Earthquakes rattle the ground while cannon-like explosions shoot burning rock and ash into the air at speeds upwards of 600 miles per hour. The burning rocks crash to the earth, setting the grass and trees ablaze, while the ash rises 100,000 feet into the sky, blocking out the sun.
Once the darkness sets in, all that is heard is a rumble. Like a sandstorm, a cloud of scorching gas and rock sweeps across the ground. Temperatures inside the storm reach up to 2,000 degrees. Everything in its path is incinerated. Carried by the wind, high-altitude ash spreads across the country before falling like snow to coat the land.
No, this isn’t the opening scene of a new Michael Bay movie. It’s a description, courtesy of UB volcanologist Greg Valentine, of what likely occurred during a prehistoric eruption of Yellowstone Caldera, the supervolcano that lies beneath Yellowstone National Park.
The destruction caused by the eruption of Mount St. Helens in 1980 (57 deaths and $1 billion in damages) pales in comparison to what would ensue if a supervolcano erupted today. These behemoths have the power to spew more than 250 cubic miles of ash, magma and rock. Indeed, a supervolcano could launch the planet into a new ice age.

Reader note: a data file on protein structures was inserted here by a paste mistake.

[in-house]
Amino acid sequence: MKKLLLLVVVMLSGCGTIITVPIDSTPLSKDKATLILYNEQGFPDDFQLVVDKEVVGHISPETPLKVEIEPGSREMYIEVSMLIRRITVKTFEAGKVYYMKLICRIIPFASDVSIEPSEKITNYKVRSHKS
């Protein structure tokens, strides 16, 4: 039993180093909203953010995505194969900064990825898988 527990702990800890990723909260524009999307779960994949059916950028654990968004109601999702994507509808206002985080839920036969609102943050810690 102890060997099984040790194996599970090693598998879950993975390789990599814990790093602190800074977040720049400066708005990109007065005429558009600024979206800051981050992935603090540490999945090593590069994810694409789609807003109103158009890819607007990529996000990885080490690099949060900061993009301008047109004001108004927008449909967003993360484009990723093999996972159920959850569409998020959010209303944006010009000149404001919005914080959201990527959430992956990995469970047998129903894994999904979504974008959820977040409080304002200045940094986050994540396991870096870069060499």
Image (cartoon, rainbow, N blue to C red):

What’s more, there are many potentially active supervolcanoes across the Earth’s surface, from Bolivia to New Zealand, including three in the United States alone: Long Valley Caldera in California, Valles Caldera in New Mexico and Wyoming’s Yellowstone Caldera.
Now for the good news: The last supervolcano eruption was more than 76,000 years ago. The most recent Yellowstone Caldera eruption—it has blown its top three times—was the roughly 630,000-year-old explosion that formed Lava Creek Tuff (see graphic below). “The bigger the eruption, the less frequent it is,” says Valentine, who also leads the UB Center for Geohazards Studies. “People have heard about supervolcanoes because of things like the Discovery Channel, but such an eruption hasn’t actually happened in human memory.”
When most people picture a volcano, they imagine a large, lava-spewing hill, like the kind found throughout the Hawaiian Islands. Known as shield volcanoes, these can reach heights of more than 30,000 feet above the sea floor, but are not particularly explosive.
Smaller in size, but much more explosive than shield volcanoes, are stratovolcanoes. These cone-shaped mountains rarely reach higher than 8,000 feet, but what they lack in size, they make up for with power.
In contrast to their tamer cousin, stratovolcanoes erupt wildly, hurling molten rock in all directions and billowing clouds of ash into the air. They also spew lava, but it tends to spread slowly, like toothpaste being squeezed from a tube. Their preferred tool of destruction is a dense cloud of hot gas and rock known as a pyroclastic flow. The pyroclastic flows of Mount Vesuvius in A.D. 79 were responsible for the destruction of the ancient Roman cities of Pompeii and Herculaneum.